06 May 2008
BAE ethics report ignores central questions
The Campaign Against Arms Trade (CAAT) suggests that a new ethics report commissioned by BAE Systems will not change public perceptions of the company. The report has been published today by a committee chaired by Lord Woolf that excluded consideration of some of the most basic ethical issues, including the nature of the arms trade itself and the sale of weapons to despotic regimes such as Saudi Arabia.
Much of the report is geared towards internal processes relating to corruption and bribery and the committee attempts to distance the company from corruption allegations by stressing how BAE has changed over the past decade. However, many of the allegations relate to more recent events and the attitude towards them is worrying since the present Chairman and Chief Executive were in post when BAE lobbied to end the Serious Fraud Office (SFO) investigation into arms sales to Saudi Arabia.
Tomorrow will see BAE's first AGM since CAAT, alongside anti-corruption organisation The Corner House, brought a successful legal challenge over the termination of the SFO's investigation into BAE's Saudi arms deals. CAAT is organising a peaceful protest from 10.00am outside the Queen Elizabeth II Conference Centre in London SW1, where the AGM takes place. There will be a photo stunt at 10.30 to illustrate attempts to sweep the reality of BAE's arms trading under the carpet. When the AGM begins at 11.00, several CAAT supporters will be present as token shareholders to question the board.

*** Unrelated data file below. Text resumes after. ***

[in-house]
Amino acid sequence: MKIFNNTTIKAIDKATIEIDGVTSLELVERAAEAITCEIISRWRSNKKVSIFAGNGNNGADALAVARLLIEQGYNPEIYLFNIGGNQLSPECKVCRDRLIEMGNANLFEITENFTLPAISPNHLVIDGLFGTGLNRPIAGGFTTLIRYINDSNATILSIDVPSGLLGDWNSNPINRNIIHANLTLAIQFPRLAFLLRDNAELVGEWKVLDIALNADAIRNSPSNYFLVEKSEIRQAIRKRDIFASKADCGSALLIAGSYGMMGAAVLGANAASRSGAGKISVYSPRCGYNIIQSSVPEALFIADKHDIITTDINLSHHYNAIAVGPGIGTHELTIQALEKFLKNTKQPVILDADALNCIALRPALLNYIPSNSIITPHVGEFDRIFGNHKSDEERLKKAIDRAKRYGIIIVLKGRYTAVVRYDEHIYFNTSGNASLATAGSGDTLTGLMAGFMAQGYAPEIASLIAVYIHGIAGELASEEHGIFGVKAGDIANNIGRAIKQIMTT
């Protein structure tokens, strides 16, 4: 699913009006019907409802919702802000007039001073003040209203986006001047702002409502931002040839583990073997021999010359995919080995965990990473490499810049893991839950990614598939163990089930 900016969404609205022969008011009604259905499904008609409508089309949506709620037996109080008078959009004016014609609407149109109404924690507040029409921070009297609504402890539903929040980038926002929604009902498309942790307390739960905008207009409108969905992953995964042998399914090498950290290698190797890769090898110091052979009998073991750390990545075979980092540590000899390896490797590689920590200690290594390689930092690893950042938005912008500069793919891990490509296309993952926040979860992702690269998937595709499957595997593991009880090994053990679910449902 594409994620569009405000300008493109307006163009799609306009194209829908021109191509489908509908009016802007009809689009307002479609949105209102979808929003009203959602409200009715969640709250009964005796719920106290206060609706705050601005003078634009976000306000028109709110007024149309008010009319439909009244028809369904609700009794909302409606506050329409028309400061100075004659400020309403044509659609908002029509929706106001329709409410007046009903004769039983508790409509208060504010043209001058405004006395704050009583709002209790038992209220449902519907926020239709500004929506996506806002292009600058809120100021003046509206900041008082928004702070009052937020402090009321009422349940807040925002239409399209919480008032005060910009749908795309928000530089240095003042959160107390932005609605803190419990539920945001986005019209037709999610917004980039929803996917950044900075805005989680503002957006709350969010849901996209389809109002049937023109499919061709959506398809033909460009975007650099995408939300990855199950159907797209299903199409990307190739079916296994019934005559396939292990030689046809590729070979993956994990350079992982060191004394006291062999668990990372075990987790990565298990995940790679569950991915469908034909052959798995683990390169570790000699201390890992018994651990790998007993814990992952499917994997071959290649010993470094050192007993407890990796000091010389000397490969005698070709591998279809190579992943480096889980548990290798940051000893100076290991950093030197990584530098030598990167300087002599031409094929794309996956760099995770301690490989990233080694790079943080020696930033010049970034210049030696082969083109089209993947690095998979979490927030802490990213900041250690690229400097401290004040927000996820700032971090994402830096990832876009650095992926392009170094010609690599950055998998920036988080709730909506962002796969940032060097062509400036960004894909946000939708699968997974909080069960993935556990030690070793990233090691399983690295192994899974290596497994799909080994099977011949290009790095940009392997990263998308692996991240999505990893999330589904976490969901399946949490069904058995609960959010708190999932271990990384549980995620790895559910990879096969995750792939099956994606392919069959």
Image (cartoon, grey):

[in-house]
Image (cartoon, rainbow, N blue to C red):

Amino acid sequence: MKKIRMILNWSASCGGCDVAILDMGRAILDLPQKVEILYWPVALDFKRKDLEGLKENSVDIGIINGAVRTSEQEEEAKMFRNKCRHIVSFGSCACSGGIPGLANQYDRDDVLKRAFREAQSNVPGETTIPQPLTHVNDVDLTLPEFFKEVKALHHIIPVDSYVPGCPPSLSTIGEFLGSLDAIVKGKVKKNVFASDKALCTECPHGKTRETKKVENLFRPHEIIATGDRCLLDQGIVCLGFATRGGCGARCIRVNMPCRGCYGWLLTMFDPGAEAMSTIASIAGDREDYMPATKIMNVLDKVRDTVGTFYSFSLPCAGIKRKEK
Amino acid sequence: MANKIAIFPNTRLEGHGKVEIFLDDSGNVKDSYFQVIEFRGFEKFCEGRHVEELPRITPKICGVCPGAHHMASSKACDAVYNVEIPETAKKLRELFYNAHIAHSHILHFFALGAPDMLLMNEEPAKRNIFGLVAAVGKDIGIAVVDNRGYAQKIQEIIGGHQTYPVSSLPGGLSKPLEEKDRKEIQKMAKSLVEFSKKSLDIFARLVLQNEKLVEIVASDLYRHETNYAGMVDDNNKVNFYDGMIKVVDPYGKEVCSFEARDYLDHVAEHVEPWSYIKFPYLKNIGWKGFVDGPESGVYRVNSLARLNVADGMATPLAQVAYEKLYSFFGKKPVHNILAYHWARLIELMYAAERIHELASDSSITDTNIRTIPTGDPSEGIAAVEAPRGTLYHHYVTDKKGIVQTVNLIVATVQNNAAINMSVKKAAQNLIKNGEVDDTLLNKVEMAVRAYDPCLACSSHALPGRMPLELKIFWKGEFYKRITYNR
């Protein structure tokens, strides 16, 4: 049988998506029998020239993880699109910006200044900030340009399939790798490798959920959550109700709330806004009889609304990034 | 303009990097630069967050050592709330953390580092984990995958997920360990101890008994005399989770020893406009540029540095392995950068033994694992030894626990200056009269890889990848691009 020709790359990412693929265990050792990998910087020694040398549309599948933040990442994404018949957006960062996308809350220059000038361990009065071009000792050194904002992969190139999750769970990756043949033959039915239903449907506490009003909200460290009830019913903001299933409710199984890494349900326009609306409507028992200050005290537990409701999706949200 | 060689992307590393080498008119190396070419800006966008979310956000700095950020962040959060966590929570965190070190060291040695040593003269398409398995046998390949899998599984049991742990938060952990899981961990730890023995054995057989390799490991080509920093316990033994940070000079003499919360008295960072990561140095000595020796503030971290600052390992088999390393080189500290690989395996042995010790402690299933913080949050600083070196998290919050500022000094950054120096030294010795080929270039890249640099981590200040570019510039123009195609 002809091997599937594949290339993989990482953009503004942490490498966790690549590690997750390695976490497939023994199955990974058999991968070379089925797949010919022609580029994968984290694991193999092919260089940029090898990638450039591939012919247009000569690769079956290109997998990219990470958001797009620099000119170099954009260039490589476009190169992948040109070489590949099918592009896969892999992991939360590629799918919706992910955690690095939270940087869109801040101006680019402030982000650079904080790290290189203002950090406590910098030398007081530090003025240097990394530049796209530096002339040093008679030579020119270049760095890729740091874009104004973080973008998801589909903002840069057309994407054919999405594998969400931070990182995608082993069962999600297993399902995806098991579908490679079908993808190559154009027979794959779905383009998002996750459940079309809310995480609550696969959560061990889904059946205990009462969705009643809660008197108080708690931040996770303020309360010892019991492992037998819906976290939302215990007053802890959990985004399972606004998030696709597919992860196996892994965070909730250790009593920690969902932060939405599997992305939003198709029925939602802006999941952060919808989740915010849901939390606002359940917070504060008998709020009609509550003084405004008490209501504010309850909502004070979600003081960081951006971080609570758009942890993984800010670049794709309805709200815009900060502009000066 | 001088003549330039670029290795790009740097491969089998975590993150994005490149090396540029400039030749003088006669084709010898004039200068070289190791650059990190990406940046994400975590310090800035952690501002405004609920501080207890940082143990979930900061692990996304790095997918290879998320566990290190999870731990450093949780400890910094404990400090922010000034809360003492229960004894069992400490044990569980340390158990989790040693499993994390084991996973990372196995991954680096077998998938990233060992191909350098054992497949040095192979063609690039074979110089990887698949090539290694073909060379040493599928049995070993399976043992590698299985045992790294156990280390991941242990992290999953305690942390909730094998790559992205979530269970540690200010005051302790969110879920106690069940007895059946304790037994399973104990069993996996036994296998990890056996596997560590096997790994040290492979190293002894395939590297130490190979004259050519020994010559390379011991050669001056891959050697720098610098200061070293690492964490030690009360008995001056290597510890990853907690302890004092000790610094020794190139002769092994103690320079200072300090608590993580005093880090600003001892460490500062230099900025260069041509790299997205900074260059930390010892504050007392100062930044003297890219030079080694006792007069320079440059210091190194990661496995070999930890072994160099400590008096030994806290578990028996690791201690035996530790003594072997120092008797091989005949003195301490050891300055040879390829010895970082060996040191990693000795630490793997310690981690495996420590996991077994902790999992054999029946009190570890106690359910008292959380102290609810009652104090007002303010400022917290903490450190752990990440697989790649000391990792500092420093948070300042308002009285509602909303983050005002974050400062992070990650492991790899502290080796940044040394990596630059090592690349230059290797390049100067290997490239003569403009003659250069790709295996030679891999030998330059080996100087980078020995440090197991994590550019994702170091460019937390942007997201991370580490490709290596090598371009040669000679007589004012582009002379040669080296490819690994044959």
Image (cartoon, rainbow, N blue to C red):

CAAT spokesperson Symon Hill said:
"BAE is on the run from public opinion. This report will do nothing to reverse BAE's unpopularity with the British public. It is absurd to ask a committee to report on the ethics of an arms company without even considering whether it is ethical to arm dictatorships, or to engage in the arms trade at all. However, we will watch closely to see if there are any meaningful changes that come about as a result of the report."
1. The Campaign Against Arms Trade (CAAT) works for the reduction and ultimate abolition of the international arms trade. 80% of CAAT's funding comes from individual supporters' donations and CAAT is strictly nonviolent in all its work.
2. CAAT spokespeople are available for interview.
3. The judgment of the High Court was handed down on 10th April 2008 by Lord Justice Moses and Mr Justice Sullivan, following a judicial review brought by The Corner House and CAAT. They ruled that the Serious Fraud Office (SFO), on the advice of the government, had acted unlawfully by terminating an investigation into BAE's Saudi arms deals on 14th December 2006, following lobbying by BAE and Saudi representatives. The Saudi regime had threatened to cancel an arms deal and withdraw diplomatic and intelligence co-operation. This was described by the judges as a "successful attempt by a foreign government to pervert the course of justice in the United Kingdom". On 24th April, the High Court formally quashed the decision to terminate the investigation.
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